He asked to go off his ADHD meds for the summer. I didn’t think too long about that one. His ADHD is completely different from that of his brother, so it’s not a huge deal to leave him unmedicated when he isn’t expected to focus on classroom schedules, rules, and activities. He’s at a critical growth point, too. Taking him off the meds leaves his appetite at that of a normal 12-year-old. He is more outgoing, engages in more conversations, unmedicated. We’ve had multiple comments on it. That kind of hurts. Here’s why – when he has to focus for hours on end on something other than his screens, he is incapable without his medicine. Also, what most people don’t see is his struggle to maintain his emotions without his medicine. Yes,  he’s more outgoing, talking more, but there are also more tearful sessions, more angry outbursts. He goes swings from one end to the other on the emotion scale within seconds. I see it, because I’m with him 24/7.

So his summer has been pretty great, 90% of the time. He’s had lots of sleepovers (all here, though as he still doesn’t like to spend the night at someone else’s house). He’s had a ton of friend time. He’s in his element – and I have computer parts and screens and cables ALL OVER my family room. But  he’s happy, content. I’ll take that. In a few weeks, we will have to start re-focusing and preparing for the new school year. Until then, he eats, he plays, he talks, and he’s unmedicated.

“It’s SO Annoying!”

Ah yes, these were the words of the Princess in a conversation she and I had last week, with regard to her older brother. We were talking about the fact people just like him. He walks into a room expecting everyone will like and accept him, and guess what, they typically do.  I can see why that would be annoying to her. He’s a likable guy.  He doesn’t have to work very hard.  He’s charming, engaging, emotionally empathetic; he connects easily with all types and ages. There’s just something about him that people find approachable, easily-liked, easy-to-connect with.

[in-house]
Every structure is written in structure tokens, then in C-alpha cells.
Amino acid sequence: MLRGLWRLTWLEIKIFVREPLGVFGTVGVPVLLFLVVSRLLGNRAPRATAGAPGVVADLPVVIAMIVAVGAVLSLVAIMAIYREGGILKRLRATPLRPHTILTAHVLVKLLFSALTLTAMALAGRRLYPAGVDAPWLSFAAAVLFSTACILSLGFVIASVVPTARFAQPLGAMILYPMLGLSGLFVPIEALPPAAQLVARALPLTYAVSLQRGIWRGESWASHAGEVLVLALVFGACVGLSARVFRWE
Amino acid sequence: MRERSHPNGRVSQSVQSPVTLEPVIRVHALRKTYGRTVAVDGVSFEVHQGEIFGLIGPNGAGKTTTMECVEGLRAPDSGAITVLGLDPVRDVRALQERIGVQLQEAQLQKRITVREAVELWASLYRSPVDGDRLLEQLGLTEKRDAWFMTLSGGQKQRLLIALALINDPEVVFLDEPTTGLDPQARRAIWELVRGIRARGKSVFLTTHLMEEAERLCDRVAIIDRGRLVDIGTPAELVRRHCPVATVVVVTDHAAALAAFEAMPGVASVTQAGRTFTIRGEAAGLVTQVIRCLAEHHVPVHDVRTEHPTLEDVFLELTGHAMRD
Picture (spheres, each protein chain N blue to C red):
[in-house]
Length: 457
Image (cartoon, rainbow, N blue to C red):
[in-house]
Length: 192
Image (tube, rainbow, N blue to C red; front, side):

It’s not that the Princess is a B. She totally isn’t – she’s sweet, funny, compassionate, engaging, and just plain nice. But she’s a girl. And girls are not nice to other girls. So there are girls who don’t like her, for whatever random reason. I think you’d be hard-pressed to find a girl who can walk into a room expecting everyone to like her, and they do. Girls are snarky and competitive with other girls. It just isn’t going to happen.

I’m glad that she admires this trait  in him.  I get her envy of it. I too find myself wishing I had a tenth the social confidence he has. That’s not to say he can’t be shy and insecure. I see those things in him as well. But that’s entirely different than this.

I do think his NICU time helped create this quality in Big Man.  Maybe some of it was already in him, but I believe being handled by so many people every single day the first three months of his life just got him used to engaging.  The fact he’s so emotionally in-tune is to his advantage as well. People get when you’re  picking up on their cues. He definitely does that.

So yeah, it’s SO annoying that EVERYONE likes him, but it’s pretty awesome too.

Guess who went over 500 followers over the weekend???!!!!! Thank you so much! that totally made my weekend!

This is why we don’t get comfy